Monday, December 19, 2011

What's In A Smile?

Some years ago I was on the cereal aisle of my local grocery store when a man passed me with a little girl in his shopping cart. Amused by the cute toddler, I smiled at her and said hello. “Ay Dios mio, yo a ti te conozco!” he said (“Oh my goodness, I know you.”). Yeah right! I thought. I had heard plenty of pick-up lines in my time but in Spanish?
As it turns out, he not only knew me by first and last name, he knew my father, my mother and my sisters too.  It seems we had met at a party for our fathers’ fraternity back in Puerto Rico. “I put you on my feet and taught you to dance,” he said. “I was 14. You were 3.”
So there I stood, stunned and with Special K in hand, in another country, 40-something years later with no clue of who he was.   I asked him how he had recognized me since the last time we had seen each other, I was such a small child. His reply:  “You have the exact same smile.”
Now that was a “WOW!” moment.
A smile is more than just a simple gesture. It says something about who you are and how you view the world. When you smile, you create an energy that travels from the outside into the very inside of your soul.  Go ahead, try it. Hold a smile and feel your heart fill up! It lifts your mood, transforms your day and defines you as a person. When it’s given it brings joy to others, puts them at ease and welcomes them to get to know you.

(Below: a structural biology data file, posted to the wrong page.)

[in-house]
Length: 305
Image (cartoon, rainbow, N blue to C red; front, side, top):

I have two friends who used to avoid raising their upper lips when they smiled. Their restrained smiles caught my attention. Perhaps they didn’t like their teeth, or the whiteness of their smile, or the emotion a smile portrayed. Whatever the reason, it was a boundary they put between themselves and others – a habit they’d developed that wasn’t serving them or those around them.
People can mistakenly assume that when a person smiles a lot they must be leading a charmed life, a sort of “Pollyanna” existence void of pain and heartbreak. I remember a woman once said to me, “I can tell you’ve never had sorrow in your life because you’re always smiling.” My response to her was to say: “just because you can only see a smile, doesn’t mean I don’t carry scars in my heart;” and then I smiled.
Whether you’re in a good place or times are tough, if you’re struggling to hang on or grateful for a momentary reprieve from life’s hardships there’s always cause to smile. Don’t just take my word for it, test the theory for yourself.  For the next several weeks make a conscious effort to be aware of others, look them in the eye, and offer a smile. See what happens. See how you feel. See how others react to you. Who knows, you just might begin to experience for yourself the same thing you’re offering to others: Joy!

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